I don't know how much Lawrence will be around "Scrubs" next year, though, since ABC picked up his new pilot, "Cougar Town," set to air on Wednesday nights (at 9:30 p.m. Eastern). The network's decision to not only bring "Scrubs" back despite its low ratings, but to give its creator another slot on the network schedule, really demonstrates how ABC approaches programming. It seems that quality can actually overcome past lousy ratings. As a viewer, I'm impressed. If I was a Disney stockholder, well, I'd need some more convincing before getting behind such a plan. But since I am a viewer and not a stakeholder in the Mouse House, I'll be happy to watch "Cougar Town" and "Scrubs" next season. Hopefully "Cougar Town," which stars Courteney Cox as a recently divorced single mother re-entering the dating world, will earn ratings that justify ABC's faith in Lawrence.
ABC's Wednesday night will be filled with two hours of new sitcoms, with "Cougar Town" joining three comedies with solid pedigrees: "Hank" (8:00 p.m. Eastern) stars Kelsey Grammer (his comeback after the under-appreciated "Back to You" was canceled after one year) as a deposed CEO who moves back to his small town; "The Middle" ("8:30 p.m. Eastern), which features Grammer's "Back to You" co-star Patricia Heaton as an Indiana wife and mother (with Neil Flynn, the janitor on "Scrubs," also on board); and the faux documentary "Modern Family" (9:00 p.m. Eastern), from Christopher Lloyd ("Frasier") and Steven Levitan ("Just Shoot Me"), and starring Ed O'Neill and Julie Bowen from "Ed" (one of my favorite shows).
Don't Let the Door Hit You on the Way Out
At some point during the run of the egregiously horrendous "Kath & Kim" (which wrapped up in March), I read a quote from someone at NBC that the show would most likely be given a second season. The logic went something along the lines of that the performers were talented, but the scripts were not up to par, so if they just fix the writing, the show would be great. Which is kind of like saying if I just got 15 years younger and more athletic, I could play center field for the Yankees. Maybe it was the decision to give five hours a week to Jay Leno, or maybe it was just good old-fashioned coming to one's senses, but the network changed course and canned the Molly Shannon vehicle. Based on my karma-influenced vow to be nicer to NBC, we will assume that the programmers at the network showed improved judgment in deciding that "Kath & Kim" was a disaster that had no business blighting the airwaves. So good for them. (I made my opinon of this "comedy" quite clear last November.)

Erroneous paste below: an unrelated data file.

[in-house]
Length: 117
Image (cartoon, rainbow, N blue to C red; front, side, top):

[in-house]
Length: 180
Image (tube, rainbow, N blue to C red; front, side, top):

I also think it is important to note that the 2009 upfronts will go down in the annals of history as the moment when "According to Jim" officially dropped off of ABC's schedule. Like the killer in a cheesy teen horror movie, "According to Jim" just wouldn't die, lasting an unexplainable and indefensible eight seasons (eight freakin' years of Jim Freakin' Belushi!). I'm still traumatized by my decision in December of 2007, during the writers' strike, to watch an episode to review. It was truly awful. In fact, I'd have to research this, but I'm not sure you would be able to find any other year that tops the double-whammy of sitcoms as awful as "Kath & Kim" and "According to Jim" departing at the same time. I'm starting to think this is worthy of some kind of recognition from Congress. Freedom from Insultingly Awful Sitcoms Day?
I'll Miss You
As I said, I'm sad to see "My Name Is Earl" and "Samantha Who?" go. And while I held out little hope that "Privileged" would survive for a second season (especially once "Melrose Place," a historically natural fit to be paired with "90210," was announced), not seeing it on the CW's schedule made me a bit sad. While the show lost its way a bit towards the end of its first season, I enjoyed some of the sharp writing, and I stand by my assertion that Joanna Garcia has star quality. I also wish "Cupid" had gotten another season to see if it could find an audience, but the low ratings didn't really warrant such a leap of faith. (I made my peace with the loss of "Life on Mars" when ABC ended the show earlier this year.)
Looking Forward to Meeting You